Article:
Thee Spivs - Taped Up - Albums - Reviews - Soundblab

Thee Spivs - Taped Up

by Andy Brown Rating:6.5 Release Date:2010-11-08

Damaged Goods has been putting out quality punk and garage-rock albums since 1988 and has become synonymous with a certain 60s garage-rock sound as well as putting out many an album by their most celebrated and prolific artist Billy Childish (currently working on album two thousand… probably). Thee Spivs are a new signing yet are very much in keeping with the labels aesthetic and history. I mean, even their name immediately brings to mind Thee Headcoats and Thee Mighty Caesars. Thee Spivs list of influences include classic punk and rock acts such as The Adverts, The Clash, Link Wray and The Ramones as well as Mr Childish himself. For better or worse, Thee Spivs never stray too far from this admittedly solid set of inspirations.

So single 'It's True' is all Joe Strummer spit and spray-paint while 'Leave Me Alone' comes on like the kind of song it's compulsory for every young punk band to write with its adolescent cries for a bit of solitude. What Thee Spivs lack in originality, however, they often make up for in raw energy and exuberant enthusiasm. When they pull it off Taped Up is a really fun record and one hell of a party album. 'All Day Long' steals a riff or two from The Kinks and Billy Childish (yes, him again) and is destined to go down well on indie dance-floors across the country. 'Head Hunt' finds them in a particularly evil mood as it lurches and struts into view like a mixture of early Birthday Party and The Pogues' 'Wild Cats of Kilkenny'. It's a great bit of music even if you wish that they'd made more of it than a short instrumental. 'I'm Alive' fizzes with drunken energy while 'Invisible Man' has an undeniably cool swagger. 'Men Don't Cry' is probably the album's highlight with its feedback squall, manic vocals and low moans.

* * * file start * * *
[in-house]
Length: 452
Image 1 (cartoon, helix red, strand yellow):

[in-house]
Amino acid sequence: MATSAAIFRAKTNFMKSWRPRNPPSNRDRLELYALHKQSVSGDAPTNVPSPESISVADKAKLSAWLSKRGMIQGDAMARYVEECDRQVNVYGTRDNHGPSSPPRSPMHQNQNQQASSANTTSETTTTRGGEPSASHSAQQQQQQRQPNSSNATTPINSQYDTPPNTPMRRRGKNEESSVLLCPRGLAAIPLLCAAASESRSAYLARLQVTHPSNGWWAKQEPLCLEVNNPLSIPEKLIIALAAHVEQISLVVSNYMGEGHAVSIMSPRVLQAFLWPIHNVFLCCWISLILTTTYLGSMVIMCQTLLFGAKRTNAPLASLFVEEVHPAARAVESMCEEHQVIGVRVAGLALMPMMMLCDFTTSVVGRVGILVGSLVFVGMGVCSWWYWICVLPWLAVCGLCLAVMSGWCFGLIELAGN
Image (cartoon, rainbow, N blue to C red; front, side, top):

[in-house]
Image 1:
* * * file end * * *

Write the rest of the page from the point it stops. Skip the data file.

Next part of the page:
In keeping with their punk influences, nothing goes much over two minutes, which, apart from the occasional tune (the aforementioned 'Head Hunt'), serves the songs well. The only real problem is that, although the album clocks in at just under 30 minutes, you can't help but feel that Taped Up could have shown us a bit more variety. That seems like a strange criticism in some ways considering the kind of record Taped Up is. I mean, I wouldn't expect a foray into Krautrock or orchestral bombast from any of the outfits Billy Childish has been involved in. Yet, where Mr Childish keeps the Damaged Goods style fresh and vital with energy and, above all, fantastic songs, Thee Spivs fall a little short.

None of this is to say that Taped Up isn't a fun and entertaining record - taken for what it is, it's pretty difficult not to enjoy it's Nuggets-esque vibe. Yet for untouchably brilliant garage-rock tunes, you still can't go far wrong with an Ace Records compilation, a Billy Childish album (last mention, I promise) or anything by The Sonics. At the moment Thee Spivs haven't quite lived up to their immaculately cool record collections - here's hoping album number two will change that.

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